The chopper tragedy last Sunday has shaken the country to the roots. To lose George Saitoti, Minister for Internal Security, and his assistant Orwa Ojode, after they were talking peace the day before was especially touching. Kenyans have given the two all the respect and support they deserve. We have equally poured our sympathies to the families of the two pilots (Nancy Gituanja and Luke Oyugi) and security personnel (Joshua Tonkei and Thomas Murimi) who died with them.
Historically, we have tended to pay the greatest attention to the families of dignitaries on the demise of their breadwinners.
But we have not done as well for the families of support staff whose sole breadwinners meet the same fate.
My colleague Honourable Asman Kamama told me how bandits shot him, along with three police officers, when he was a young District Officer in Garissa.
He was offered compensation of Sh12, 000, which he declined because he did not consider it commensurate with his injuries.
Meanwhile, families of the police officers who were killed in the line of duty are living in absolute misery after going home with the usual token Government contribution.
This is the story of many such officers who die for country and our leaders. Our support to families of departed Government officers – big and small – should be based on need and a measure of equity.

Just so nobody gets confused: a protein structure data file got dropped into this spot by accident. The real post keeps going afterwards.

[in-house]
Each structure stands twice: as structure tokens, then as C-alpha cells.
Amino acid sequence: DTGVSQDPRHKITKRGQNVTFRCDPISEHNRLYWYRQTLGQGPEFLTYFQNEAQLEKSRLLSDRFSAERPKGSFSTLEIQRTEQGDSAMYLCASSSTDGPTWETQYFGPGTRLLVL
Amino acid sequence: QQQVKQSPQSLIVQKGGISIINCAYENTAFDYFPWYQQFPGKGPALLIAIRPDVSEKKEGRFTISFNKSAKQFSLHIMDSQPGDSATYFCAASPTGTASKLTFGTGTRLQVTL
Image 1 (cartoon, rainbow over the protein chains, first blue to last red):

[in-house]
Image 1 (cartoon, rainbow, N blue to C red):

Unlike their superiors, such support staff can hardly make ends meet, even when alive, and have younger families depending on them. They also do not enjoy the benefits of strong insurance schemes.
It is a major injustice that bodyguards of VIPs have to struggle to educate and feed their children when it is thanks to them that all the important people in Government sleep in peace and address matters of national importance confident that they are safe. VIPs cannot get to work without their drivers, bodyguards and pilots, yet many of these officers can hardly afford one decent meal in a day, while serving persons living in plenty.
We have to rethink the kind of support accorded their families in the event of their passing on. Among other things, are generous medical and accident insurance schemes.
Second, part of their terms of employment should incorporate an element of adequate support for their families – education, health care and where possible employment of surviving siblings – on their demise.
Third, it is unfair for police officers to live in squalid residences – with married couples sometimes sharing single rooms – in sharp contrast to what they see where they work.